Ralinder in a state of shock at the brutal tale he was hearing, and did not respond, but his expression said enough for Gerrivac to continue.

    “I suppose now you can see why the men of Polinder from tales are very fierce and secluded. As their tradition goes, any man who gains a spear is said to be ‘ice’. To make a comparison, this would be the equivalent of a lord or chief, such as yourself. They would possess the power to overrule any other citizen, other than the other ice. In times of need, such as if the Prime Gate lost its connection, all the ice living, no matter the age, will come together for council.”

    Ralinder finally found his voice, and asked the dangerous question that had been bothering him throughout Gerrivac’s lengthy teaching.

    “So, how did you know that Taeloin possessed one of these spears, here in Wrellington.”

    Gerrivac answered with a simple, unconcerned voice that chilled Ralinder as he calmly stated in ease.

    “I dreamed it.”
    Last edited: Aug 3, 2004
  3. asap

    asap New Member

    Aug 12, 2003
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    Good work


    I like your descriptive style. It makes the scenes seem vivid, you can sense both the scenery and the people in it. Your way of telling the story makes it easy to follow and the reader can 'see' the characters, and on the same 'see' what the characters see (I mean, I can 'see' the 'Arriving to Durnham' scene both from the old man's and the armed traveller's viewpoint). Also, the fight-scene was very fluent, the way you wrote it actually enables the reader to imagine it as well.

    Parts of it need a bit of work yet. You know, trim a little from here, add a little there... (cough-typos-cough ;))

    In entity it has the characteristics of a good story. It's intriguing, making you imagine possible meanings, reasons and explanations; it raises curiosity - you're willing to listen, because you want to find out more; and it manages to create a connection between the character and the reader, keeping the reader interested about the character's faith.

    This far that world or yours seems to be quite interesting :).

    Just my humble opinion :) ...
    Last edited: Nov 22, 2003
  4. Turin_Turambar

    Turin_Turambar Imperial Seraphim Lord

    Dec 23, 2003
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    Battle Creek, Michigan
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    A very interesting read indeed. I liked the background for the Polindai spear, or more specifically The Hunt's Minstrel. I am always interested in weapon backgrounds, how they came into being, thier reason for existing, etc. It was a very involving read, but if I may, I will point out one thing. Near the beginning of your first chapter, the stranger placed two short swords in the rafters of the stables prior to entering the tavern. Afterwards, during his flight, he neglected to retrieve them. Any particular reason for this, or was it just a slip of the mind? Other than that, it was a very intriguing read. I eagerly await the third chapter.
    Your Truly.
    Last edited: Dec 24, 2003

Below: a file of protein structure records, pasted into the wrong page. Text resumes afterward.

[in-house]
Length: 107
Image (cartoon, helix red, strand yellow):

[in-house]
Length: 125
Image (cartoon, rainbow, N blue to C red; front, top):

5. Radagast

    Radagast Art House Member

    Aug 8, 2003
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    Saskatchewan, Canada.
    +18 / 0 / -0
    Well, I have a reason in my mind, but it probably won't come into play until the fourth chapter. But who knows, it could be seen in the third also.

    As of right now, I am about (approx.) half done the third chapter. I know, I should be working on it more, but it's hard to find time;). Anyways, hopefully I can get the third out as soon as possible, realistically, probably by Feb/March.
  6. Radagast

    Radagast Art House Member

    Aug 8, 2003
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    Saskatchewan, Canada.
    +18 / 0 / -0
    Chapter 3
    The Swift Come

    As they approached the large and empowering building in which Ralinder knew as his office halls, Gerrivac slowed his horse down to view the commotion that was afire in front of the main arched doors. The cart creaked and groaned tiredly under the sudden movement, but not one of the screaming or raging crowd members in front of the building took any notice to the curious farmer Gerrivac, beside the jolted Chief Ralinder. In front of the large oak doors two of the towns Feredoth Guards and the aged Aide Mervicall, currently isolated in the sea of Wrellington locals, were frantically trying to get the crazed crowd under control by shouting out futile commands. Ralinder’s quick eyes found Servant Pallo near the side of the building, a touch away from the crowd. Pallo was standing closely beside a crying girl of whom Ralinder did not know, but at the moment Ralinder had little time to reflect on minor details.

    Without thinking, Ralinder leapt off of the moving cart in an ungraceful manner and swiftly walked towards Pallo. Servant Pallo immediately noticed Ralinder, and came forward walking in a swift yet unusually nervous stride. A strained voice from Pallo’s mouth reached Ralinder’s ears as the distance closed between them, a voice racing against an unseen enemy.

    “Lord...a man...that man...over there...he came here..after you left..said that trouble..Durnham...”